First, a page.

A previous article by Colin Creasey, titled “What’s the big picture on the carbon tax?” makes some points about the new Ford government and their carbon tax fight with the federal government. For example, one point concerns fines of $10,000 on gas station owners for not displaying carbon tax stickers on their gas pumps. I agree that the fines, if true, are a mistake. Other points the author makes I may, or may not, agree with, but I’m very alarmed by his implication that our large provincial government debt is not such a bad thing. The 2019 interest expense of the Ontario provincial debt is $12.5 billion. This is money that the province is losing every year, and projected to rise to $16.5 billion in 2024. How many services (including climate mitigation) could be funded by this interest expense? What if interest rates increase substantially?
The $12.5 billion interest expense works out to about $867 per resident of Ontario, or about $1,650 per person employed in the labour force. What could you do with an extra $1,650 per year in your annual household budget?
The new Conservative government is cutting the budget and making some mistakes. I personally don’t agree with cutting the 50 million tree program and the large cut to the SOLS budget. In general though, any fiscally responsible adult must recognize that we can’t keep growing this massive debt pile. To eliminate the deficit, you would need to cut the budget by 8.34% across the board. Budget cuts proportional to this percentage – with some adjustments in critical areas – would be more appropriate, rather than wholesale elimination of vital programs.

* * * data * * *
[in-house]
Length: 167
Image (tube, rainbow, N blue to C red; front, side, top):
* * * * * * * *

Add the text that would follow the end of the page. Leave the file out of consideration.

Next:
Some studies show that the average provincial employee salary premium over the private sector (for comparable work) is around 21% (from CFIB 2015), if you include benefits. The Sunshine List shows that over 130,000 provincial employees make well over $100,000 per year. If you add the pensions and benefits, it’s substantially more. Since wages, benefits, and pensions are by far the largest expense of the provincial government, maybe this is where the province should focus its cost cutting programs. You don’t even have to lay off any provincial employees. A salary, benefit and pension freeze would be a good start. After all, MPP’s have had their salaries frozen for the last ten years at $116,000 per year.
I support the effort by this government to be fiscally responsible, keeping in mind that this effort requires criticism and debate.